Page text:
"You can smell vinegar when you open the cans, which is one of the byproducts of the decomposition process of these films," Spriggs said. "We know that these films are on the brink of decomposing to the point where they'll become useless. The data that we're collecting now must be preserved in a digital form because no matter how well you treat the films, no matter how well you preserve or store them, they will decompose. They're made out of organic material, and organic material decomposes. So this is it. We got to this project just in time to save the data."
'Answers were off by 30 percent'
From its inception, the project presented a series of hurdles. It took several years to locate the films, and when Spriggs did get his hands on the first few, he didn't have a scanner that could reproduce the optical density on the films. It took about a year to convert a Hollywood-style scanner into one that could provide the level of scientific accuracy required. Then he had to locate the data sheets for the test, because without knowing the camera location, its speed and focal length, he wouldn't be able to analyze the films. Once Spriggs did complete the first scans and roll his sleeves up for the analysis, he discovered that much of the data published were wrong. All the films would need to be reanalyzed.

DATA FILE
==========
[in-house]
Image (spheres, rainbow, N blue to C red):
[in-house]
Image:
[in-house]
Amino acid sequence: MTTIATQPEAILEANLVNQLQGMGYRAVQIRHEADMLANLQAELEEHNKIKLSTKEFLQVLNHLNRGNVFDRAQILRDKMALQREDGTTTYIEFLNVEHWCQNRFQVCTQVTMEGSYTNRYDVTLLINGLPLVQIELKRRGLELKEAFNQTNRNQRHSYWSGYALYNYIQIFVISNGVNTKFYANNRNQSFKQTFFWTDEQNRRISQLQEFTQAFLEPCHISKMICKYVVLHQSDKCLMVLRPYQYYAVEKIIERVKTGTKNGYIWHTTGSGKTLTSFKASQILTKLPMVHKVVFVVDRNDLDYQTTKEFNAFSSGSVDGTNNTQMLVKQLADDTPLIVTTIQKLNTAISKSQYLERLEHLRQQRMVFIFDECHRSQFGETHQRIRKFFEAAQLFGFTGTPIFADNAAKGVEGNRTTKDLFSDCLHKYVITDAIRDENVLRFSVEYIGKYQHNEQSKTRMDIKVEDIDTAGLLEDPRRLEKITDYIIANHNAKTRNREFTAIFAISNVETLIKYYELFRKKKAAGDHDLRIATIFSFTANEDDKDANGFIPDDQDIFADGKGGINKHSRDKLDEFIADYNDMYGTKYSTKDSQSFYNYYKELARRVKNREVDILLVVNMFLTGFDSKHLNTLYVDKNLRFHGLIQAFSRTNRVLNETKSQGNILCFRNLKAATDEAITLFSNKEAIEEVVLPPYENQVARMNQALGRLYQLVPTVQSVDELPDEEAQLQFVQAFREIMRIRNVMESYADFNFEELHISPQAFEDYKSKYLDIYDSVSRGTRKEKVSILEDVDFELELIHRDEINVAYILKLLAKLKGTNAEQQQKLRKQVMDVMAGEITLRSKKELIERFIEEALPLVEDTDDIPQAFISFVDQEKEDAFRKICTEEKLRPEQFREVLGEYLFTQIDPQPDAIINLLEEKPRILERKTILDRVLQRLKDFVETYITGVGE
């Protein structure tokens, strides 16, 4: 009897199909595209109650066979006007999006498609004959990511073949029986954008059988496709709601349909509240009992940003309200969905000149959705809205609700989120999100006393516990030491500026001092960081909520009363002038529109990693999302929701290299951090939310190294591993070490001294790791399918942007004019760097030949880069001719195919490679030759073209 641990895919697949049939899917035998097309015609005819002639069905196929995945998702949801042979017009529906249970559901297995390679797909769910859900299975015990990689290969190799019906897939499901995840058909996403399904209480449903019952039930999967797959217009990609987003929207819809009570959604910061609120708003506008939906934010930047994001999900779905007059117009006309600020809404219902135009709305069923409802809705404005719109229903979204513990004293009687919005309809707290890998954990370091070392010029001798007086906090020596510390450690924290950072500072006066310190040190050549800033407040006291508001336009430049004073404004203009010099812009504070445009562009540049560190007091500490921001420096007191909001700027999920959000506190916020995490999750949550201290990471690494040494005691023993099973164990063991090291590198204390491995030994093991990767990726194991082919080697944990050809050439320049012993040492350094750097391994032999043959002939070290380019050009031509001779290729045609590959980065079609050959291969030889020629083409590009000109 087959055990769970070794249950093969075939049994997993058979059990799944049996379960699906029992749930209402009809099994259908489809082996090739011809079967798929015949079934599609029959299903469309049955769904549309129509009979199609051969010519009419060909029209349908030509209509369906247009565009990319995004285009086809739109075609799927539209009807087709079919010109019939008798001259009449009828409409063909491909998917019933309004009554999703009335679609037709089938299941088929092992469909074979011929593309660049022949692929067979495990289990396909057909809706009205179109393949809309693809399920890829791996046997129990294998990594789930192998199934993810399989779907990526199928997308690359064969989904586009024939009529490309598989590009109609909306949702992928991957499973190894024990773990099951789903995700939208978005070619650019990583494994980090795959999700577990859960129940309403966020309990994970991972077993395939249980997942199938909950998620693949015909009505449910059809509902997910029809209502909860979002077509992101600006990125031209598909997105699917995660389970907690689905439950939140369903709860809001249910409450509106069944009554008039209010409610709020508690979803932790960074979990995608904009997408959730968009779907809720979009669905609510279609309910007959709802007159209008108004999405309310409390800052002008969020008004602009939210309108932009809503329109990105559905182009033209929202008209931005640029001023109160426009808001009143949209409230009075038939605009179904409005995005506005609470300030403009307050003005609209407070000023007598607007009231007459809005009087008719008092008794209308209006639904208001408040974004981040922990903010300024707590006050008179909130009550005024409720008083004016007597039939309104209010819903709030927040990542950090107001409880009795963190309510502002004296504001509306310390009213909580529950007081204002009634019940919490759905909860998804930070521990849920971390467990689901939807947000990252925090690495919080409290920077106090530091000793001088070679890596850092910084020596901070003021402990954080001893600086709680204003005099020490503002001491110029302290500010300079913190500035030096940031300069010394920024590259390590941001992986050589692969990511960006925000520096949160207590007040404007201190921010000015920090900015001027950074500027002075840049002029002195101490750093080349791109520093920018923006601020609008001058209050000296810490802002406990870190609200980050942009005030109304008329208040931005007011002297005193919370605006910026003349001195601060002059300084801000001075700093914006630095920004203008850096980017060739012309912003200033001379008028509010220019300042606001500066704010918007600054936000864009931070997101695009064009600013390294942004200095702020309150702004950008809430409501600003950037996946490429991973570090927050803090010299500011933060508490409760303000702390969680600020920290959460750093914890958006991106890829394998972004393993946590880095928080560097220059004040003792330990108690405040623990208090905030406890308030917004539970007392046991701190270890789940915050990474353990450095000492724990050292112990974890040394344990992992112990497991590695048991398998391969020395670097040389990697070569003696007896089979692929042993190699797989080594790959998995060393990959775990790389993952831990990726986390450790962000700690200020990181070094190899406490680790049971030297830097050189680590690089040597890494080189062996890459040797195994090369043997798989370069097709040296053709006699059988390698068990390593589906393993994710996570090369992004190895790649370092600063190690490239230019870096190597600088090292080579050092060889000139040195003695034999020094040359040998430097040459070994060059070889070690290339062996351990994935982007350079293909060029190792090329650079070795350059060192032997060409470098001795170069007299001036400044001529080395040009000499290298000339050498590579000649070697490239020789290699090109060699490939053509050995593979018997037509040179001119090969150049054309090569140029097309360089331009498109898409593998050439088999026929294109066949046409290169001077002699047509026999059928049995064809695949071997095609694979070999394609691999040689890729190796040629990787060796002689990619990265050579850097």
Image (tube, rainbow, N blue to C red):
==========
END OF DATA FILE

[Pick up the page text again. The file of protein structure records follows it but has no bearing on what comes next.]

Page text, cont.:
Physicist declassifies rescued nuclear test films | Lawrence Livermore National Laboratory